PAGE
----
A process can create one or more timers. These timers can be any mix of supported timer types, subject to a configurable limit on the total number of timers supported by the operating system (see Proc32 in the Utilities Reference). To create timers, you use the timer_create() function.

Arming timers

You can arm timers with the following time intervals:

You can also have a timer go off repeatedly at a specified interval. For example, let's say you have a timer armed to go off at 9 am tomorrow morning. You can specify that it should also go off every five minutes thereafter.

You can also set a new time interval on an existing timer. The effect of the new time interval depends on the interval type:

To arm timers with: Use this function:
an absolute or relative time interval timer_settime()

Removing timers

To remove timers, you use the timer_delete() function.

Setting timer resolution

You can set the resolution of timers by using the ticksize utility or the qnx_ticksize() function. You can adjust the resolution from 500 microseconds to 50 milliseconds.

Reading timers

To inspect the interval outstanding on a timer, or to check if the timer has been removed, you use the timer_gettime() function.

Interrupt handlers

Interrupt handlers service the computer's hardware interrupt system -- they react to hardware interrupts and manage the low-level transfer of data between the computer and external devices.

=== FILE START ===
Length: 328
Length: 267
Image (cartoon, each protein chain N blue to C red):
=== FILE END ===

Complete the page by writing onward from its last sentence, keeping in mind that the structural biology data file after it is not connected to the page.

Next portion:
Interrupt handlers are physically packaged as part of a standard QNX process (e.g. a driver), but they always run asynchronously to the process they're associated with.

An interrupt handler:

Several processes may attach to the same interrupt (if supported by the hardware). When a physical interrupt occurs, each interrupt handler in turn will be given control. No assumptions should be made about the order in which interrupt handlers sharing an interrupt are invoked.

If you want to: Use this function:
Establish a hardware interrupt qnx_hint_attach()
Remove a hardware interrupt qnx_hint_detach()

Timer interrupt handlers

You can attach an interrupt handler directly to the system timer so that the handler will be invoked on each timer interrupt. To set the period, you can use the ticksize utility.

You can also attach to a scaled timer interrupt that will activate every 50 milliseconds, regardless of the tick size. These timers offer a lower-level alternative to the POSIX 1003.4 timers.